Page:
So it is that December 25th( and, in Ireland, the 26th -St Stephen’s Day) are days when households the world over play out their own variations of what preceded. But there is also a core of seasonal customs that almost all Irish families and their neighborhoods observe to a higher or lesser level.
This page is mainly about the pre-Christmas custom-mades— the traditions that help to set the environment of this magical season. But you can likewise follow these links to find out about traditions of specific days over the Christmas period, and how (get your cravings all set!) to prepare a few of the scrumptious seasonal dishes that accompany them.
Embellishing the home
The big clean-up
for much of our ancestors, Advent (the four weeks leading up to Christmas) began with a bucket of whitewash in hand. This annual painting of outhouses was one of the most popular of rural Irish Christmas traditions. It was carried out mainly by the guys folk while the women scrubbed the interiors.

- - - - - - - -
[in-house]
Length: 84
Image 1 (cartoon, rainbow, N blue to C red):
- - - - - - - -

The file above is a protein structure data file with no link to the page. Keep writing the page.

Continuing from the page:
It goes back to pre-Christianity and is generally considered as the ancient variation of spring-cleaning, carried out prior to the Winter Solstice when daylight hours shrink to just under seven and a half hours. With the arrival of Christianity the custom was rebranded as a homely preparation for the arrival of Mary, Joseph and the new-born baby, Jesus.
Some say that this whitewashing custom continues in some rural areas. If it does, I do not understand the household! Where it might endure in spirit is in the understandable desire to make the home tidy and comfy for friends and family who will visit throughout the holiday.